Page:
It's been a while since we linked to Sergei Mikhailovich Prokudin-Gorskii back in 2007. Recently the MediaCenter blog of the Denver Post helpfully strung together some of his pictures from the Library of Congress collection on a page, making them easier to look at. The oldest ones just turned 101 years old.
I particularly like the ones where a small element in the picture is out of color register because it moved between exposures, like the impatient sailor in Crew of the steamship "Sheksna." Hold still, ya jerk!
You can read a description of Sergei Mikhailovich's technique here. (And you complain about ISO 3200!)
Prokudin-Gorskii, who documented the old Imperial Russia from a rail car, left his homeland in 1918. His archive is now at the Library of Congress of the United States.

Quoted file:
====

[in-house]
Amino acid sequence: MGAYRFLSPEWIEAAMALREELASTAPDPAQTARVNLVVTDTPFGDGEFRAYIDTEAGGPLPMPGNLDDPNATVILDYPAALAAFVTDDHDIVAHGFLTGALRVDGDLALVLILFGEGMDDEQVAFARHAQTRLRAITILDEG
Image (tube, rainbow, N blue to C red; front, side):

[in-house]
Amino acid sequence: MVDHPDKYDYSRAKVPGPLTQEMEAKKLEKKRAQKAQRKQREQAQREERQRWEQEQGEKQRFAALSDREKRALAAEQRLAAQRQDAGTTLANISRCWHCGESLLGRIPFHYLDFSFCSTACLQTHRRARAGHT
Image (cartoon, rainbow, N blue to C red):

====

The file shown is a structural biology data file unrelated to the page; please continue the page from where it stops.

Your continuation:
Oh, and if you like early color photography, I heartily recommend David Okuefuna's The Dawn of the Color Photograph: Albert Kahn's Archives of the Planet. French banker Albert Kahn's mission was no less than world peace: he felt that documentary photographs would foster international understanding and dispel hatred. His project ended when he was bankrupted by the Great Depression. The write-up calls this book "a history buff's delight," and I have to agree. It's kind of late in the game to go inserting new landmarks into the standard history of photography—the accepted outlines of which are already pretty well calcified—but Kahn and Pokudin-Gorskii belong.
(Thanks to Pete Wilkinson)